Maltreatment has been shown to stunt a child's ability to recognize and understand the emotions of others, which can lead to difficulties in navigating and cultivating interpersonal relationships, such as parent-child and peer relationships.

The Practice Notes issue, "Helping Maltreated Children Understand and Recognize Emotions," provides suggestions for child welfare workers and others who interact with children who have been maltreated, including the following:

The issue also includes a case example as well as reflection questions child welfare workers can keep in mind as they work with children with a history of maltreatment, such as "How can you bring this research/information to your work team(s) or into supervision?" and "What are some examples you've seen in your work that might be explained by children misreading facial emotional cues?"

"Helping Maltreated Children Understand and Recognize Emotions" is available at https://www.cascw.org/wp-content/uploads/2015/09/PracticeNotes_rev.WEB_.pdf (339 KB).
 

Issue Date: December 2017/January 2018
Section: Strategies and Tools for Practice
URL: https://cbexpress.acf.hhs.gov/index.cfm?event=website.viewArticles&issueid=192&articleid=5053


Resources

Adopting an Older Child

When adopting an older child, the adoptive family should understand that the child may feel abandoned, distrustful, fearful, and resistant to accepting his or her place in the adoptive family. These feelings can stem from previous experiences with birth families or from their time in foster care.

The article Adopting an Older Child from the Michigan Adoption Resource Exchange discusses ways adoptive parents can mitigate the transition from being a child in foster care to being a child in a forever family. The article reviews different emotions and situations that newly adopted older children might express, such as grief and a sense of separation or abandonment. The child may also express behavioral issues, such as lying, stealing, and bed wetting.

The article offers suggestions for countering negative behaviors and emotions in the following ways:

The article also discusses the importance of helping the child gain an understanding of his or her past experiences and the ways he or she came to be with the new adoptive family.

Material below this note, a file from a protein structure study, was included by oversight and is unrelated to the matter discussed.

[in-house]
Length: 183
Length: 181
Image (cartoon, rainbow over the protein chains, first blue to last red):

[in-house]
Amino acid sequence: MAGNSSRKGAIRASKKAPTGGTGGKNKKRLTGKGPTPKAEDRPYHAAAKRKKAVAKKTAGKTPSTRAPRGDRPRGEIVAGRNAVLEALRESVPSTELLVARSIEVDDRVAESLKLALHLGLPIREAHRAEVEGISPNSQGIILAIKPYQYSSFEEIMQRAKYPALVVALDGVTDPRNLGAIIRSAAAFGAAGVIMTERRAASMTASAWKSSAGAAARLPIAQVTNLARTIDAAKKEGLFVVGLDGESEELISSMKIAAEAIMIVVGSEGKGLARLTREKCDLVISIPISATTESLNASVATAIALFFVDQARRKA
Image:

Adopting an Older Child is available at http://bit.ly/2zePfDe.
 

Issue Date: December 2017/January 2018
Section: Resources
URL: https://cbexpress.acf.hhs.gov/index.cfm?event=website.viewArticles&issueid=192&articleid=5054


Pediatric Medical Traumatic Stress Toolkit for Health-Care Providers

The National Child Traumatic Stress Network offers the Pediatric Medical Traumatic Stress Toolkit, which is a set of tools intended for medical professionals to help them effectively assess and treat medical traumatic stress in children. The toolkit centers on the D-E-F Protocol for trauma-informed care, which focuses on helping providers respond to distress, offering emotional support, and providing family-centered care for children who have experienced trauma and their families.

The toolkit includes an introduction to traumatic stress as it relates to children facing illness, injury, and other medical issues; practical tips and tools for health-care providers; and handouts for parents that present evidence-based tips for helping their child cope. The toolkit also features the stories of two children, Tommy and Maria, as composite cases to illustrate the ways the toolkit materials could be useful to providers at different points in the continuum of care.

Pediatric Medical Traumatic Stress Toolkit is available at http://www.nctsn.org/trauma-types/pediatric-medical-traumatic-stress-toolkit-for-health-care-providers?utm_source=Youth.gov&utm_medium=Announcements&utm_campaign=Resource.
 

Issue Date: December 2017/January 2018
Section: Resources
URL: https://cbexpress.acf.hhs.gov/index.cfm?event=website.viewArticles&issueid=192&articleid=5055


Training and Conferences

Bringing the Protective Factors Framework to Life

The National Alliance of Children's Trust and Prevention Funds is offering a series of online training courses, called Bringing the Protective Factors Framework to Life in Your Work: A Resource for Action, to support the implementation of the Strengthening Families Protective Factors Framework.

The seven-part curriculum includes the following courses, which each take about 2 hours to complete:

The online training also includes a global glossary, short instructional videos, downloadable outlines, and more. A certificate of completion is given at the end of each course.

Bringing the Protective Factors Framework to Life in Your Work: A Resource for Action is available at http://www.ctfalliance.org/onlinetraining.htm.
 

Issue Date: December 2017/January 2018
Section: Training and Conferences
URL: https://cbexpress.acf.hhs.gov/index.cfm?event=website.viewArticles&issueid=192&articleid=5056


Conferences

Upcoming national conferences and events on child welfare and adoption include the following:

December

January

February

Issue Date: December 2017/January 2018
Section: Training and Conferences
URL: https://cbexpress.acf.hhs.gov/index.cfm?event=website.viewArticles&issueid=192&articleid=5057



Articles in Children's Bureau Express are presented for informational purposes only; their inclusion does not represent an endorsement by the Children's Bureau or Child Welfare Information Gateway.

Children's Bureau Express does not disclose, give, sell, or transfer any personal information, including email addresses, unless required for law enforcement by statute.


Contact us at cb_express@childwelfare.gov.